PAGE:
Recreational pot bill is posted in state Senate

By Anjalee Khemlani
Trenton | Jan 12, 2018 at 10:41 am
New Jersey Legislature
State Sen. Nicholas Scutari has introduced a bill that would legalize recreational marijuana use in New Jersey.

The first steps to legalization of recreational marijuana in New Jersey took place Thursday in the Legislature with the posting of a bill by state Sen. Nicholas Scutari.

The bill treats marijuana like cigarettes and alcohol, and references use of marijuana in comparison to the way consumption of alcohol is treated in the state.

It would be illegal for anyone under 21 to purchase marijuana, and illegal to purchase it for someone under 21. It would, like cigarettes, not be permitted in public spaces.

Interestingly, the bill leaves operation of a vehicle undefined. The bill asks for research on the topic to determine a limit for marijuana use similar to the blood-alcohol level used for drinking and driving.

Also interesting are the business rules.

The outline of the business and industry operations for the state focus on greater inclusion of minority- and female-owned shops, and ensuring that individuals with prior convictions aren’t prevented from working in the industry.

The bill states that, “The division shall establish licensing goals for minority-owned and female-owned business,” and that, “Should the division choose to establish criteria for licensure related to an applicant’s criminal history, it shall not consider (marijuana-related) convictions.”

Prior to the existence of the bill, Gov.-elect Phil Murphy’s campaign promise to prioritize legalization has already prompted a flurry of activity in preparation — which is unlikely to change despite a memo to enforce federal laws from U.S. Attorney General Jeff Sessions.

Trade and lobbying groups have already set up, on either side of the issue, and the real estate and legal industries are ready to go at the first sign of a green light.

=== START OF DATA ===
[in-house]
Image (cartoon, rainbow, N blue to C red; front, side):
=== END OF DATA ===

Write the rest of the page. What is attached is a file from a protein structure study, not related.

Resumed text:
Former U.S. Rep. Patrick Kennedy, who calls Brigantine home, has been a staunch opponent. Kennedy has fought addiction personally and been an advocate for treating addiction as an illness, supporting the efforts on opioid addiction alongside Gov. Chris Christie.

Kennedy is a founder of NJ-RAMP (Responsible Approaches to Marijuana Policy), which is holding a rally to oppose marijuana Monday.

“Just as the Kennedy family supported the efforts of Martin Luther King Jr., we strongly support the efforts of Bishop (Jethro C.) James and other religious leaders to protect our communities from the negative consequences of marijuana commercialization,” Kennedy said in a statement Friday.

He will be joined at the rally by James, senior pastor of Paradise Baptist Church in Newark and president of the Newark/North Jersey Committee of Black Churchmen, and Kevin Sabet, a former drug policy adviser to President Barack Obama and an NJ-RAMP co-founder.

James’s issue with legalization stems from recent reports in Colorado of legalization disproportionately affecting African-American and Hispanic youth.

The Colorado Department of Public Safety has seen an increase in marijuana-related arrests of African-American juveniles by 58 percent and Hispanic kids by 29 percent, while arrests of white minors dropped 8 percent. This despite an overall decrease in marijuana-related arrests across the board.

In addition, reports show that the businesses target minorities.

Another potential challenge: The multibillion-dollar industry is profitable for states as a new revenue source, and has generated significant revenues and profits for those in the business, but, as more states legalize and competition grows, profitability could decline for businesses.

The bill introduced by Scutari (D-Linden) also calls for establishing a Marijuana Regulation Review Commission, as well as a Division of Marijuana Enforcement under the Department of Law and Public Safety.

If the bill makes its way through the Legislature and is eventually signed by the incoming governor, it would make New Jersey the second state to legalize through the legislative branch rather than through a ballot. Vermont recently became the first.

 

Anjalee Khemlani | akhemlani@roi-nj.com | AnjKhem